Do you hate being forced to reboot your PC every time a new Windows update drops? If so, there’s a welcome change in the works.

For the most part, I think Windows works quite well. My daily PC has been running with the same installation for about 18 months. I don’t think I’ve ever had a system hang or a forced reboot. Unless we’re talking about a forced reboot so Windows can update itself. I hate that.

There’s a little bit of good news on that front, as Windows Central reports that Microsoft is testing a new Windows Update hot patching method that doesn’t require a reboot. Oh, hell yes! I love it already.

Microsoft has already introduced hot patching to Windows Azure editions, so it’s a logical next step for it to roll out the feature to desktop users. According to Microsoft documentation, hot patching for the Azure edition of Windows works by ‘establishing a baseline with the current Cumulative Update for Windows Server. Periodically (starting every three months), the baseline is refreshed with the latest Cumulative Update, then hot patches are released for two months following’. That means the need to reboot should be reduced to four times a year.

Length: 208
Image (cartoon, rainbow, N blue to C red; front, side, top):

There is a catch. According to the latest documentation for Windows Insider builds, users have to have Virtualization Based Security (VBS) enabled in order to avoid a restart. This setting has been known to negatively impact gaming performance. So, that might be enough to end the hope of reboot-less Windows updates for gamers right there.

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(Image credit: Microsoft)

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I guess a reboot once a month is not exactly a huge deal is it? I’d rather maintain my gaming performance than get the bonus of not having to reboot occasionally.

We’ll have to wait and see just what form the final feature will take. I think I’d turn on VBS on in my daily PC, but leave it off on my gaming rig. That’s powered down most of the time anyway. One does have to work and eat and sleep occasionally.

Still, I really don’t like seeing that little icon in the taskbar with the orange or red dot on it. Even if I hide it, I know it’s there, like a splinter in my mind saying: ‘Do it!’

Microsoft is reportedly aiming to include the feature with the release of the Windows 24H2 update later this year. That particular update is sure to require a reboot or two.

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